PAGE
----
When I went to Beachy Head, South England, I was amazed by the beauty of the cliffs. My friend told me that it is a popular choice for suicidal jumps. I did not know that, indeed a very sad thing.
Breathe is set in Beachy Head, and the reason is because it is a play about suicide. It follows the lives of three couples: Emily (Elizabeth Brierley) and her boyfriend Jack (Byron Easmon) who comes from a family that has high expectations of success from him – even if they neglect him – and his response is an unhealthy obsession about his body and a destructive way to manage his relationships.
Then there are Flynn (Gus Flind-Henry) and Leo (George Jaques), two young brothers left alone after the death of their parents. Leo is sexually confused and scared about what his brother can think about him.
Finally, Patrick (Douglas Clarke-Wood, see our interview here) is a teacher who falls for a student, Sam (Martha Hay). But their toxic relationship is based only on the fact that Sam wants to escape from her difficult background and increase her very low self-esteem.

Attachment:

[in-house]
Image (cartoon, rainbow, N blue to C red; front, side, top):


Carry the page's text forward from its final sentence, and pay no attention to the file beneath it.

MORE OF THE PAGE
The direction of Hannah Hauer-King is very tight. The play is very fast paced, and the story flips from one couple to the other quite rapidly and this is confusing, especially in the first half of the play.
The space of the Bunker Theatre is used very cleverly, and all six actors – all of them excellent - are always present on the stage, to keep the narrative of the story fluid and physical.
I see many plays that want to address important topics that are watered down so much that at the end the message comes across weakly. This is not the case of Breathe. George Jaques, the Writer – and actor – takes an accurate picture of the anxieties that lead to suicide, without forgetting those who are left behind.
There is not much hope in Breathe – and why would there be – but considering that there are thousands of suicides every year just in the UK, this is a play that should be brought to a much larger audience.
Breathe is at the Bunker Theatre until 4 August